I spent the wait time at LaGuardia on my return from Europe a few days ago reviewing the Spring 2012 issue of the MIT Sloan Management Review. Not surprisingly, I found something valuable related to technology, analytics and business in the latest edition.
The first article that caught my eye was “The Impact of IT Investments on Profits,” by academic Sunil Mithas and others. The summary presented in SMR noted research data from 400 global companies collected from 1998-2003 showing a positive effect of IT investment on firm profitability. That’s certainly not surprising, but the finding that “investment in IT had a greater impact on a company’s profits than comparable spending on either advertising or R&D” was. So I downloaded the source study paper and examined the research in more detail.
The author’s driving hypotheses are that investments in IT have a positive impact on firm profitability through both positive linkage to revenue and negative relationship to costs. In addition, he posits that IT investments have a greater impact on profitability than comparable expenditures on either advertising or R&D.
The data set used to test the hypotheses comprised 452 firms for which key IT investment and financial performance variables of interest over a six-year period. The authors used regression techniques to estimate panel (over time) models linking firm performance variables such as profitability and revenue to investment indicators and other control variables. The findings provide support for the relationship between IT investment and both increased revenue and profitability, but not for decreased costs. In addition, the computations suggest that the effect of IT investments on profitability is greater than that of advertising and R&D.
Mithas, et al. conclude: “From a top management or board perspective, IT investments should receive significant attention in governance and resource allocation processes because they appear to be more important than R&D and advertising in terms of profitability. Chief information officers can use the findings to develop a business case and justification for continued investments in IT.”
I have to admit, I was a bit underwhelmed with this analysis, but, noting the authors’ apparent statistical prowess, decided to give them another chance, opting for a quick read of a second paper by Mithis mentioned in “The Impact of IT’s” references.
For me, “From Association to Causation via a Potential Outcomes Approach” was much more interesting, especially for the statistical methodology that has applicability to business evaluation and is becoming increasingly popular in analytics circles. The author sets out to determine the effect of earning an MBA degree on IT professionals’ salaries. More specifically, he wants to know if getting an MBA “causes” positive changes in IT compensation.
Mithis’ data set, derived from the 2006 National Salary Survey conducted by InformationWeek, would just as well suit a data scientist as a business academic. Among the attributes collected from the 9,000+ respondents are total compensation in 2005, age, education level, years of experience, tenure at current position, company size, industry, hours per work week, dotcom indicator, and frequency of contact with recruiters. The non-compensation variables are considered covariates.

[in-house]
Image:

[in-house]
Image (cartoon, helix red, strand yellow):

The big challenge with this investigation is making inferences about cause and effect with limited point-in-time “observational” data. Ideally, we’d like to know what individual X would make if she earned an MBA (the factual) and contrast that with what she’d make without one (the counterfactual). This, of course, is highly impractical.
Also impractical is the usual scientific accommodation of conducting an experiment where IT professionals are randomly assigned to either an “earn-an-MBA” group or a “not-earn-an-MBA” one. Without randomization that assures within statistical limits that “other factors are equal” between the treatment groups, however, any comparison of MBA versus non-MBA salaries might be biased and open to the alternative explanations of skeptics. It could well be the case, for example, that IT professionals who opt to pursue the MBA are simply more motivated and would earn higher compensation regardless of attaining an advanced degree.
Mithis’s methodological solution is to use a potential outcomes-based propensity score model to estimate the causal impact of the MBA. With this approach, a propensity score that summarizes an individual’s probability of getting an MBA given her values on the other collected attributes (covariates) is first estimated using logistic regression techniques. Then, each MBA group case is matched with one or more non-MBA cases based on similar propensity scores. This matching accomplishes after the fact statistically what randomization does before – assuring within limits that other factors are equal. Finally, the mean compensations of MBAs are compared to non-MBAs within categories of similar propensity scores.
The findings? Even after bias-cleansing propensity score adjustments, IT professionals with an MBA earn significantly more than their non-MBA colleagues. Apparently, the MBA pays off for IT. A left-unanswered question: is the MBA worth more than other advanced degrees in the IT world?
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